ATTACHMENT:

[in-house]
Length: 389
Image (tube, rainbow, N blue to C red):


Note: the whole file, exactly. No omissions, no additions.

[in-house]
Length: 389
Image (tube, rainbow, N blue to C red):